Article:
23 February 2011


I must first begin by saying you should read my brother-blogger (and real-life pseudo-brother), Matt's stuff.  He puts an interesting spin on things...he will always cause controversy and give you something to think about.  Follow him at http://wholedamnstreet.blogspot.com/.

I have quite a bit I could talk about today...but I think I will focus on something that's not exactly about my day or how I am feeling or some ridiculous anecdote from my day, but rather something I have been doing a lot of thinking about lately: women's image, particularly body image.

I have been on a diet for a week and a half now, and I have lost that excess weight that I used to obsess over.  I mainly did it as a way to feel better about myself, but also in light of my surgery coming up and having to be basically sedentary for a while...I figured it might behoove me.  Anyway, in conjunction with the diet, I am reading the book that we bought to aid us.  While all of the recipes and advice from the doctor are fantastic and obviously work, I am troubled by the stories in it--stories from real women who hate their bodies.  I am the first to admit that I am very skilled at finding my flaws, no matter how small, but it blows my mind that these women absolutely HATE who they are.  It saddens me and I think it is a product of a larger problem--the pursuit of body perfection in society.  I could be generic and say that it's because of the standards that Hollywood sets, that being a size 00 is the only way to be if you want to be attractive or "hot", and that along with 00 come DD boobs, of course.  It doesn't work like this in real life (unless, of course, you have mucho dinero to spend on enhancement).  Young girls are basically groomed to hate their bodies from the time they realize that they have bodies.  TV shows like "Toddlers in Tiaras" perpetuate the problem, showing the young generation that they have to have a face full of makeup and be wearing skimpy bathing suits to feel beautiful.  What a bunch of bologna.  Girls see their mothers obsessing over their weight and they grow up thinking that's normal.  It's not.  How about a time where women simply accept who they are, and are good with it, as long as they are healthy.  Every woman is beautiful, regardless of size, and we should be able to realize this.  We need to break the cycle of body-hating and love who we are.  I would venture to say we would all be a lot happier if we did this.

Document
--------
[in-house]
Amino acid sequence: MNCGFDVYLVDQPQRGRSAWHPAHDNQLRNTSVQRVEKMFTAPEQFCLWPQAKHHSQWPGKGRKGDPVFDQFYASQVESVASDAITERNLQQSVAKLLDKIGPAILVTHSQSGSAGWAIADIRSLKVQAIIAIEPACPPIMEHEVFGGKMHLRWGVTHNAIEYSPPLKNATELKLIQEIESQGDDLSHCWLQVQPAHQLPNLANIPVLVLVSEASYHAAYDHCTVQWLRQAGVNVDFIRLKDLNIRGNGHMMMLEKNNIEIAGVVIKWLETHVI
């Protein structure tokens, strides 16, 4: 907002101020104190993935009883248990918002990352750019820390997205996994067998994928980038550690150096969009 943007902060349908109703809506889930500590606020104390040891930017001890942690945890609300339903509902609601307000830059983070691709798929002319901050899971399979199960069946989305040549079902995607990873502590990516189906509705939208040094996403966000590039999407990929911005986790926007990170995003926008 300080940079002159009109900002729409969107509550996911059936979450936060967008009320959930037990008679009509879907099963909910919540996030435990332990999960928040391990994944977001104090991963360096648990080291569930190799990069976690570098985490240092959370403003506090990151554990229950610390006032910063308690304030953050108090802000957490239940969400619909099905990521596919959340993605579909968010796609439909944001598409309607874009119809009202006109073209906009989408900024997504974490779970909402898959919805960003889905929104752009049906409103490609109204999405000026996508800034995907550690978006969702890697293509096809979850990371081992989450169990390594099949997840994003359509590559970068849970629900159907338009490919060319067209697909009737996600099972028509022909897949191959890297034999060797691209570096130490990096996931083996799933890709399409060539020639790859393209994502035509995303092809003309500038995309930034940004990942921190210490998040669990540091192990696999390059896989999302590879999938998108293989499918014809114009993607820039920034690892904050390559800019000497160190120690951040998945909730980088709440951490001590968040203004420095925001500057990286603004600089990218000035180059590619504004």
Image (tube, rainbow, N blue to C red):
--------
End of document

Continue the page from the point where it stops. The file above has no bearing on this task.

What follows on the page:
Goodness, I love getting stuff like this off of my chest.

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